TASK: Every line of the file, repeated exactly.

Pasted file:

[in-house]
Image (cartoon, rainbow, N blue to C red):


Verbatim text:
[in-house]
Image (cartoon, rainbow, N blue to C red):